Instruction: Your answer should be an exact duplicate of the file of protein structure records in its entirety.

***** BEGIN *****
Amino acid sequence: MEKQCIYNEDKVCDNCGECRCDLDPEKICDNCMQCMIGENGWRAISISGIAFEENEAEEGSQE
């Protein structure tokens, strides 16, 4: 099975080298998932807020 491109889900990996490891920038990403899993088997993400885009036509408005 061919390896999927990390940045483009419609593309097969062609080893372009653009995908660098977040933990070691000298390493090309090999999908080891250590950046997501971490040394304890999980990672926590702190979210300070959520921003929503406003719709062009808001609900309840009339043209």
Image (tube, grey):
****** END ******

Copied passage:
Amino acid sequence: MEKQCIYNEDKVCDNCGECRCDLDPEKICDNCMQCMIGENGWRAISISGIAFEENEAEEGSQE
């Protein structure tokens, strides 16, 4: 099975080298998932807020 491109889900990996490891920038990403899993088997993400885009036509408005 061919390896999927990390940045483009419609593309097969062609080893372009653009995908660098977040933990070691000298390493090309090999999908080891250590950046997501971490040394304890999980990672926590702190979210300070959520921003929503406003719709062009808001609900309840009339043209």
Image (tube, grey):